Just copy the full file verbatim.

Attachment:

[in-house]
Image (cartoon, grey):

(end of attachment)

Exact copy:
[in-house]
Image (cartoon, grey):